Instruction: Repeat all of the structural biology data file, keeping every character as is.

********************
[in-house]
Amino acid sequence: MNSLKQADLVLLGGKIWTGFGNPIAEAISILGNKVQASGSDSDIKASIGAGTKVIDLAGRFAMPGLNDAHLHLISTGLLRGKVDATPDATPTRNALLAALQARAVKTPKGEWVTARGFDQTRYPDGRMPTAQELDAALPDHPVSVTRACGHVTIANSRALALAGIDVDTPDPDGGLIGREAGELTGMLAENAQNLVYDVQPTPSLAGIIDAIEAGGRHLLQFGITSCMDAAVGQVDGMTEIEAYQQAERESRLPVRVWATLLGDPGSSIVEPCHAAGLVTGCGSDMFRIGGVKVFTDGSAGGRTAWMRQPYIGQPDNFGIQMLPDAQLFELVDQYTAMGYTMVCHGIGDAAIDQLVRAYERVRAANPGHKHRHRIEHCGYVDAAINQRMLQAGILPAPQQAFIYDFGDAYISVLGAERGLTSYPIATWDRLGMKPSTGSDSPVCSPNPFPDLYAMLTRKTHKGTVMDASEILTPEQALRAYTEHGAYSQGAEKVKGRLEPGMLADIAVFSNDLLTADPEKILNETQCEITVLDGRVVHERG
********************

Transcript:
[in-house]
Amino acid sequence: MNSLKQADLVLLGGKIWTGFGNPIAEAISILGNKVQASGSDSDIKASIGAGTKVIDLAGRFAMPGLNDAHLHLISTGLLRGKVDATPDATPTRNALLAALQARAVKTPKGEWVTARGFDQTRYPDGRMPTAQELDAALPDHPVSVTRACGHVTIANSRALALAGIDVDTPDPDGGLIGREAGELTGMLAENAQNLVYDVQPTPSLAGIIDAIEAGGRHLLQFGITSCMDAAVGQVDGMTEIEAYQQAERESRLPVRVWATLLGDPGSSIVEPCHAAGLVTGCGSDMFRIGGVKVFTDGSAGGRTAWMRQPYIGQPDNFGIQMLPDAQLFELVDQYTAMGYTMVCHGIGDAAIDQLVRAYERVRAANPGHKHRHRIEHCGYVDAAINQRMLQAGILPAPQQAFIYDFGDAYISVLGAERGLTSYPIATWDRLGMKPSTGSDSPVCSPNPFPDLYAMLTRKTHKGTVMDASEILTPEQALRAYTEHGAYSQGAEKVKGRLEPGMLADIAVFSNDLLTADPEKILNETQCEITVLDGRVVHERG